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Costumes: What’s below the surface?

During our renovation we peeled back the layers of our kitchen and made some discoveries.

We uncovered the original wallpaper from the 1960s that had lurked behind our cupboards all along.

When we knocked out a pantry, we found tile of the same vintage.

Removing some drywall showed us it that had never been properly attached to 2 x 4s as crooked as Wayne Gretzky’s hockey stick.

We also found inadequate insulation and . . . creative . . . electrical wiring. Our kitchen had worn a costume that covered up unseen details and flaws. 

A beautiful costume is important, but it’s only as good as what’s below the surface. At Hallowe’en we are fixing all the problems and preparing a new costume for a brighter, more open, more functional and safer kitchen.

When it’s finished, we’ll love the new costume—and what’s below the surface too.

 

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7 lessons in surviving renovations—the kitchen

Does any kitchen renovation ever go smoothly?

Probably not.

We are in the middle of renovating a house for resale, and several of our friends have torn-apart kitchens at the moment. We are all learning how to survive renovations, and we have found that

Lesson 1: Decisions, decisions

How much money to spend? What kind of flooring? Traditional style or modern? The decisions seem endless: everything from where to place the wine rack to what kind of cabinet door knobs to buy. How to pick, let alone get everyone to agree to the same thing? Compromise and openly talking out all the decisions helps to smooth out the process.

Lesson 2: Be patient

Washing the dishes in the bathroom sink for several months would test the mental endurance of anyone. The inconveniences that come with the hurry-up-and-wait nature of the renovations require us to practise patience. The drywall cannot be done until the electrician finishes, and he’s on another job now. The granite counter tops, which take 2 to 3 weeks to come in after being ordered, can’t be installed until the ceramic tile is finished. And so it goes. Be patient when nothing happens for days because of scheduling conflicts or a wait for the right supplies.

Lesson 3: Practise acceptance

Renovations happen in a two-steps-forward-one-step-back kind of way. One couple, after clearly specifying the correct placement of a pocket door, arrived home to find it installed in the wrong wall. What to do? Leave it as is? Make the change to the original plan? (See Lesson 1.) They decided to make the change. The installer corrected the door, but then the ceramic tile needed to be repaired where he had cut into it by mistake, and the ceramic tile guy wasn’t available at that time. (See Lesson 2.) Strive to make things work as well as possible, but to accept what happens.

Lesson 4: Appreciate mayhem

We arrived at another couples’ house one evening after they had just begun their kitchen work. They said, “Come in for a drink. We have glasses . . . somewhere.” All of the furniture and supplies from their kitchen, dining area, and sitting room had been moved and piled into their living room. We cleared enough space on the couches and chairs to sit down, and we drank wine out of beer glasses. (See Lesson 3.) Kitchen renovations strike at the very heart of the home, and the effects ripple out to touch every aspect of daily life. Mayhem is unavoidable, so the only thing to do is to sit down wherever you can and drink wine out of beer glasses.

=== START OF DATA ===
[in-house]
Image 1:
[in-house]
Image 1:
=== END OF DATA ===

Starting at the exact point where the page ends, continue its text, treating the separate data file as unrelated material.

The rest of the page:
Lesson 5: Change involves an emotional roller coaster

You get so excited when you think about how great things will look when they are finished. You feel overwhelmed with everything happening at once. How will you find time for it all? You second-guess the choices you made. Do we really want cherry cabinets? You see a completed step and you get excited all over again. You get angry, so angry, at the mistakes and the setbacks. (See Lesson 2.) You clench your teeth when you trip over something in the hall, again. You feel unsettled and just want everything to go back to normal again.  (See Lesson 4.) You are so impatient with the plumber. When will he be available? But doesn’t the new granite counter top look fantastic? You get excited all over again. Ride the emotional roller coaster and enjoy the view.

Lesson 6: Look for the joy

Those little glimpses of joy along the way keep us going. Each completed step renews the excited anticipation: taking the first steps on new ceramic tile, running a hand over shiny new granite, or turning on the new pot lights over the kitchen sink. Sometimes you have to look really hard to find the joy. Doing your dishes in the bathroom sink? At least you have running water that you didn’t have to walk to get and carry home in a bucket. (See Lesson 3.) From the beginning of the project, when it seems like it will never end, to the last few annoying finishing jobs, look for the joy at the end of the tunnel.

Lesson 7: Friends help you through it all

You could do it alone, but why? Friends are the best resource for creative decor ideas, tips on where to find the best deal, or a place to stay while the fumes from the new finish on the hardwood clear. Friends make coping with everything just a little bit easier.

Does any kitchen renovation ever go smoothly?

Probably not. But renovation is renewal, and that is something we all need to avoid so that we don’t become stagnant. When the current of life stirs up the stagnant waters, just hang on and ride those rapids for a while. Just know that after every set of rapids awaits a calm pool.

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